By far the most talked-about prospect in the deal, the enigmatic young outfielder was saddled with a negative reputation as a Yankees’ farmhand that has unfortunately reared its head with the Pirates as well. Tabata blasted through the Pirates’ minor league system, and was the 75th-ranked prospect in all of baseball heading into 2009. Tabata posted an impressive 103 OPS+ (anything over 100 is generally considered above average) as a 21-year old in 2010, and a 101 OPS+ in 2011, leading the Pirates to sign Tabata to a “team friendly” 6-year early contract extension in August of that year.
Now 23, Tabata has been a rare underachiever on the surprising 2012 club, posting a Clint Barmesian .295 OBP, making foolish mistakes on the basepaths, and generally showcasing a lack of motivation that recently forced the Pirates to demote him to AAA Indianapolis. While most questions about his disputed age (Huntington once fueled the fires by stating, “Well, we know he’s not thirty”) have faded with time, it’s still unclear whether Jose Tabata will follow a Melky Cabrera-type career path to stardom, or be yet another young, talented prospect that flamed out all too quickly.
And out of all 6 players, the surprising gem of them all may end up being…
SP Jeff Karstens (added to trade)Generally considered trade filler to complement McCutchen, Jeff Karstens may end up having the best Major League career of the bunch. Karstens showed flashes of his potential as soon as he donned the black-and-gold, throwing 15 debut scoreless innings- 6 against the Chicago Cubs, followed by an unbelievable complete game 2-hit shutout over the Arizona Diamondbacks. However, Karstens lost his next seven starts to end the 2008 season, and spent the next two years bouncing between the rotation, bullpen, and AAA. Karstens was even waived by the Pirates in November of 2009- and luckily in hindsight, was not claimed.
But Karstens locked his career back on track in 2011, finishing with a 9-9, 3.38 ERA record, largely out of the rotation. Injured during the first month of the 2012 season, Karstens’ return to the rotation in late June of this year caused a bit of a stir, as it bumped fairly successful SP Brad Lincoln back to the pen. But in 2 of his 3 starts since, it’s clear why the Pirates entrusted Karstens in the role. He’s had 2 quality starts in a row, including last night’s series-sweeping victory over the Houston Astros, in which Karstens threw 8 strong shutout innings, surrendering only 4 hits.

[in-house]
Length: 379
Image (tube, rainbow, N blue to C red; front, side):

Karstens complements a 91-93 mph fastball with pinpoint control, and showcases the ability to mix and change speeds on at least 3 offspeed offerings. He gets ahead of batters early in the count, works quickly, and maintains incredibly low pitch counts that have his defenders spending more time in the dugout than sweltering in the field beneath the summer sun. When you have a MLB pitcher that can expertly control even his fastball and one offspeed pitch- painting corners and avoiding the middle of the plate all game long- he can be good. If he has multiple offspeed weapons in his arsenal, he can be very good.
Right now, Jeff Karstens is pitching as well as he has during his entire Major League career. Don’t miss his next start, which should come against the Milwaukee Brewers following the All-Star break!
Thanks for reading.